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NFIP and FEMA Flood Map Information

PLEASE NOTE: To read updates on Congressional and other action taken on this issue, see the media coverage page and/or the GNO Inc. Flood Insurance site. If you are part of a community or civic organization fighting flood insurance changes, please e-mail your information to Thank you!


The community of southern Louisiana supports a sustainable, fiscally responsible National Flood Insurance Program that protects the businesses and homeowners who built according to code and have followed all applicable laws. However, changes made to the NFIP in the Biggert-Waters Flood Insurance Reform Act of 2012 threaten to harm the very citizens the program was designed to protect.

Proposed changes to base flood elevations and flood zones contained in proposed FEMA Flood Insurance Rate Maps (FIRMs), along with changes to the NFIP, have created conditions in which flood insurance rates will increase to actuarial costs over a period of five years after map adoption.

The West Bank of St. Charles Parish would be severely affected, with some flood policies reaching outrageous and unaffordable prices due to the combined impact of these changes. The release of this information has already negatively impacted the assessed value of affected homes and businesses, and many in St. Charles Parish fear having to walk away from their mortgages.

Many properties are being remapped into flood zones for the first time. FEMA will no longer recognize existing, functional levees and other flood control features and have presented maps that assume these features do not exist. Biggert-Waters effectively removes grandfathering of flood policies for properties built post-May 1983, meaning that homeowners will be paying these increased premiums regardless of the fact they built to elevation standards in effect at the time of construction.

To read more about this issue, see the links below and the Action Sheet. To view proposed FIRM information on your property, visit

Two major issues affecting the price of flood insurance are causing grave concern to particular areas in South Louisiana and across coastal and coastal and riverine areas across the country:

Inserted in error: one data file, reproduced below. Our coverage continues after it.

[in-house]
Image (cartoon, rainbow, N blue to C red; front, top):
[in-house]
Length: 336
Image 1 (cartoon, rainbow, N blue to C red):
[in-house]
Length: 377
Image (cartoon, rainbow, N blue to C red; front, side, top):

1. Phase-Out of Grandfathering and Subsidized Rates: The Biggert-Waters Act of 2012, which reauthorized and made substantive changes to the NFIP, phases out grandfathering. That is, properties that were built in accordance with all FEMA required elevations and applicable codes at that time may now be considered out of compliance, through no fault of their own, due to new flood mapping. For example, a homeowner who built at the proper FEMA required elevation has found out their flood insurance will increase from $600 to $28,000 per year – effectively making their home uninsurable and worthless on the market.

  2. “All or Nothing” Protection – New FEMA maps, which outline base flood elevation changes, do not currently recognize protection offered by unaccredited (less than 100 year protection) levees, or other elements (e.g., pumps) at all. For example, if a levee only offers 50-year protection, the property protected by this levee is considered as having no protection.


  • Property assessments go to zero; parishes lose tax revenue
  • Home values go to zero; homeowners lose everything
  • Bank mortgages go into default; banks are left with worthless assets
  • The NFIP program itself goes into a “death spiral” as people leave the program
  • The communities and economies of southeast Louisiana – and all of coastal and riverine America – will be made unviable


  • To reinstate grandfathering of properties (not policies) that were built to code, have maintained insurance, have not repeatedly flooded, etc.
  • FEMA can work with local stakeholders to continue to develop and refine maps to accurately reflect flood risk in each affected community by taking into account non-accredited levees and other features that afford flood protection


** Please note that the above links are for informational purposes only and may be subject to change at any time.

Last updated: 10/11/2013 4:32:35 PM